News > May 2020 > AHAW 10 Fellow Léane Pouvreau (Photography)
AHAW 10 Fellow Léane Pouvreau (Photography)
Zianne Agustin | May 19, 2020
“I try to not just took a photo of what I see, but create art from reality.”
Léane Pouvreau, the 10th AHAW’s fellow for photography, grew up with her father’s camera and has been drawn to photography since her early childhood. Soon enough, it has evolved to become her medium for art and storytelling. Pouvreau’s creative process varies– at times, she relies on recreating photographs she’s imagined in her head and other times, she takes in what’s around her and goes from there. “I try to not just took a photo of what I see, but create art from reality,” she said.
AHAW was able to become a space for Pouvreau to connect with and learn more from seasoned practitioners. Her mentor, Cru Camara, took on a dynamic approach to color in her own body of work, which inspired Pouvreau to work with color more in her future work.
Beyond a means to connect, AHAW was also able to become a space for Pouvreau to re-examine her creative process, particularly with the way she became more open to new subjects. Her series of photographs are part of a larger project of hers about gangs around the world. She shared that her work was prompted by a task assigned in her sociology class about subcultures in Metro Manila. As an exchange student, Pouvreau utilized her semester to learn more about the country’s gang scene– as she’s seen this done before in places like Latin America, Brazil, and Colombia.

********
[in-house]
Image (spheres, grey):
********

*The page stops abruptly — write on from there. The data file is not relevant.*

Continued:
She pursued this project with the clear intent to be rid of her pre-conceived prejudices and clichés regarding her chosen community. “I’ve learned a lot [about] photography at a more personal level,” she added, “I think that the sentence ‘Don’t judge a book by its cover’ might be a good summary of this project.” For Pouvreau, open-mindedness was the key to this experience. She recounted an instance where she’s established camaraderie with the gang members and was invited to an anniversary event, “It was a real proof of trust between them and me.”
Throughout her journey as an AHAW fellow– from the workshop up to the culmination of her work– Pouvreau was able to exhibit and experience the power of art to encourage openness and foster human connections.
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